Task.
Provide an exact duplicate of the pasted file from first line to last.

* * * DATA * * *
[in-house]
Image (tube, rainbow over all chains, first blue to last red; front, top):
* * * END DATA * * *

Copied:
[in-house]
Image (tube, rainbow over all chains, first blue to last red; front, top):